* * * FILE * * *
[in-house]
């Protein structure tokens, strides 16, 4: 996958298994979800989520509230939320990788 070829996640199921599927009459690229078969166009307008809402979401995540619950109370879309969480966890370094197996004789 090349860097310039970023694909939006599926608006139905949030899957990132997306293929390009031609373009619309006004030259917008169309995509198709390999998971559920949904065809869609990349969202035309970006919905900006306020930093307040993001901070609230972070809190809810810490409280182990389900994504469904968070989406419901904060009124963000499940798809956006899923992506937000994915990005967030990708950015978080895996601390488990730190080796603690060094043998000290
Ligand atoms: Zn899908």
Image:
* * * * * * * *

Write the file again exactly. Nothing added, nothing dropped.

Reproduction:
[in-house]
């Protein structure tokens, strides 16, 4: 996958298994979800989520509230939320990788 070829996640199921599927009459690229078969166009307008809402979401995540619950109370879309969480966890370094197996004789 090349860097310039970023694909939006599926608006139905949030899957990132997306293929390009031609373009619309006004030259917008169309995509198709390999998971559920949904065809869609990349969202035309970006919905900006306020930093307040993001901070609230972070809190809810810490409280182990389900994504469904968070989406419901904060009124963000499940798809956006899923992506937000994915990005967030990708950015978080895996601390488990730190080796603690060094043998000290
Ligand atoms: Zn899908």
Image: